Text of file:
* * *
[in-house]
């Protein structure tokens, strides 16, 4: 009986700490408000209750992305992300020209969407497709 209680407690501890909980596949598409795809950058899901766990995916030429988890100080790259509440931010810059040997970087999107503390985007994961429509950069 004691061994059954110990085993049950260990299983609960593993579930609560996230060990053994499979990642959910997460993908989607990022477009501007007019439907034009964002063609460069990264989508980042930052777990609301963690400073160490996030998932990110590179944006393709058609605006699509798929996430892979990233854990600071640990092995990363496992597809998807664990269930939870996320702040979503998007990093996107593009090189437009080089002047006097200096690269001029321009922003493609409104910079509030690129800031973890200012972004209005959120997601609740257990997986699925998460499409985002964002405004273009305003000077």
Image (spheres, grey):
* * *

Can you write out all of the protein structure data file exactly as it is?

[in-house]
């Protein structure tokens, strides 16, 4: 009986700490408000209750992305992300020209969407497709 209680407690501890909980596949598409795809950058899901766990995916030429988890100080790259509440931010810059040997970087999107503390985007994961429509950069 004691061994059954110990085993049950260990299983609960593993579930609560996230060990053994499979990642959910997460993908989607990022477009501007007019439907034009964002063609460069990264989508980042930052777990609301963690400073160490996030998932990110590179944006393709058609605006699509798929996430892979990233854990600071640990092995990363496992597809998807664990269930939870996320702040979503998007990093996107593009090189437009080089002047006097200096690269001029321009922003493609409104910079509030690129800031973890200012972004209005959120997601609740257990997986699925998460499409985002964002405004273009305003000077």
Image (spheres, grey):